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Re: Clarifying what a URL identifies (Four Uses of a URL)

From: Tim Bray <tbray@textuality.com>
Date: Tue, 21 Jan 2003 10:59:04 -0800
Message-ID: <3E2D9878.40502@textuality.com>
To: David Booth <dbooth@w3.org>
Cc: www-tag@w3.org, Sandro Hawke <sandro@w3.org>, "Roy T. Fielding" <fielding@apache.org>, Dan Connolly <connolly@w3.org>

David Booth wrote:
>   Quoting from the abstract:
> [[
> URLs can be used to identify abstract concepts or other things that do 
> not exist directly on the Web. This is sensible, but it means that the 
> same URL might be used in conjunction with four different (but related)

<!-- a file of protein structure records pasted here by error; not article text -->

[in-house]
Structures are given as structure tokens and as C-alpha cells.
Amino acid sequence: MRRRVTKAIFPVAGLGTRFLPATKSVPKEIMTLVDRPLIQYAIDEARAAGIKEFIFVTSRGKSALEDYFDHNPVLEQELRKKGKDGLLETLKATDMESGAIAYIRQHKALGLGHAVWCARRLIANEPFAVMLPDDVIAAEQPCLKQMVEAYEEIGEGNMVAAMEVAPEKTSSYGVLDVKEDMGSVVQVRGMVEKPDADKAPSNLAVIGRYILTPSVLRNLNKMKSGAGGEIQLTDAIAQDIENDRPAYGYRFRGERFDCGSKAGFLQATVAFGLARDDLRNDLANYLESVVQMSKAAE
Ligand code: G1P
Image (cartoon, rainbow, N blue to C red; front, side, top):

> things: a name, a concept, a Web location or a document instance. 
> Somehow, we need conventions for denoting these four different uses. Two 
> approaches are available: different names or different context. 

I remain unconvinced.  One of the strengths of the Web architecture is 
its uniform naming framework where URIs identify resources and yield 
representations of them, and resources can be anything ranging  web 
pages to schools of philosophy.  The Web Architecture has no built-in 
way to talk about what a Resource "is", and seems to get by just fine. 
RDF is all about talking about what a resource is.  If you need to know 
what kind of thing a resource is, publish some RDF assertions to that 
effect.  What am I missing?

Now, I think that a nice pre-cooked RDF vocabulary of general categories 
of things that resources can be - your note being a first step to that - 
is quite likely worth investing in.  But Web Architecture in the large 
doesn't depend on it at all.  -Tim
Received on Tuesday, 21 January 2003 13:59:09 UTC

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